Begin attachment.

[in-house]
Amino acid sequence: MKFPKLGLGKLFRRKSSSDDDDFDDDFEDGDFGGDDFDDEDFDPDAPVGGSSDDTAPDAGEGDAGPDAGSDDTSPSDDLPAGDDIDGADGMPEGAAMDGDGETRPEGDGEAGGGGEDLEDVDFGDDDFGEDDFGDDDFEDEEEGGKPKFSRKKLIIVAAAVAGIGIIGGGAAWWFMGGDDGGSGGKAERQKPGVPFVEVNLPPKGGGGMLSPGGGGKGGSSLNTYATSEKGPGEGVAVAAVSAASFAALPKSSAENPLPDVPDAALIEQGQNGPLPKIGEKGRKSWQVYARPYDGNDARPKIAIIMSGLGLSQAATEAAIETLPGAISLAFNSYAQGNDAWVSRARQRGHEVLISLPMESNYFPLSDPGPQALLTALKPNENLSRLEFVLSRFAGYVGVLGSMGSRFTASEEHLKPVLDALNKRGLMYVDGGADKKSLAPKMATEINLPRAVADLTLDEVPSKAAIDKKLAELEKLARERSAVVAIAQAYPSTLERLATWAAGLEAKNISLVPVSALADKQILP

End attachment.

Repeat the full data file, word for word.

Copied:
[in-house]
Amino acid sequence: MKFPKLGLGKLFRRKSSSDDDDFDDDFEDGDFGGDDFDDEDFDPDAPVGGSSDDTAPDAGEGDAGPDAGSDDTSPSDDLPAGDDIDGADGMPEGAAMDGDGETRPEGDGEAGGGGEDLEDVDFGDDDFGEDDFGDDDFEDEEEGGKPKFSRKKLIIVAAAVAGIGIIGGGAAWWFMGGDDGGSGGKAERQKPGVPFVEVNLPPKGGGGMLSPGGGGKGGSSLNTYATSEKGPGEGVAVAAVSAASFAALPKSSAENPLPDVPDAALIEQGQNGPLPKIGEKGRKSWQVYARPYDGNDARPKIAIIMSGLGLSQAATEAAIETLPGAISLAFNSYAQGNDAWVSRARQRGHEVLISLPMESNYFPLSDPGPQALLTALKPNENLSRLEFVLSRFAGYVGVLGSMGSRFTASEEHLKPVLDALNKRGLMYVDGGADKKSLAPKMATEINLPRAVADLTLDEVPSKAAIDKKLAELEKLARERSAVVAIAQAYPSTLERLATWAAGLEAKNISLVPVSALADKQILP